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A good banker can smell a bad loan: Finance secretary Ashok Lavasa

One of the reasons being cited, according to Lavasa, is the low credit offtake and the consequent slowdown in the participation of the private sector.

By: Express News Service | Pune | Published: October 4, 2017 2:38 am
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Asking for banks to practice financial prudence, finance secretary Ashok Lavasa said a good banker can smell a bad loan. Lavasa who was speaking at meet organised by the Pune-based National Institute of Bank Management on Tuesday also said the economy is in robust health.

“One has to see why bankers have been bullish on lending to risky projects and why they have not been bullish on finding solutions. Bankers have to introspect if excessive lending has taken place and whether the entrepreneur has borrowed more than needed for the project.” he said.

The macroeconomic parameters of the country, the secretary said are very strong. “…by any parameter you may adopt, the macro economic fundamentals are very strong, whether you take the balance of payments, current account deficit, the way inflation has shaped in the last two to three years, the Indian government has managed its fiscal deficit and revenue deficit well. Yet today there are questions being raised, concerns being raised on why the Indian economy is not growing faster. It is like an individual whose blood pressure is normal, pulse rate is good, heart is sound and yet it is not able to run or sprint the way it should, or match up to the expectations of the people within the country and outside,” he said.

One of the reasons being cited, according to Lavasa, is the low credit offtake and the consequent slowdown in the participation of the private sector.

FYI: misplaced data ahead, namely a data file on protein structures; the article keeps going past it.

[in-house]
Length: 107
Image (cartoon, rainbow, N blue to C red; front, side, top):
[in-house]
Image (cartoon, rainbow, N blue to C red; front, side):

“In the last few years, the government has taken several steps in which policies have been created, institutions have been established, made amendments to the law, and one of the issues has been addressing the issue of insolvency. In India it is easier to start something but it is harder to exit once you have met with failure or things don’t turn out the way it should. In this context the insolvency code and bankruptcy law has been recognised by the world as a positive step taken by the government,” he said.

Lavasa said that in India people don’t accept failure where you have a situation where someone has failed even though a sincere effort was made.” So you have a situation where somebody has failed. How you deal with that ? How does the system provide a way in which failure can handled, especially when the failure is not of the individual alone but it involves interests of several parties? How you handle the failure of the institution which has a stake in the project ? How you deal with the other interested parties which are part of the project? This is the central question,” he said.

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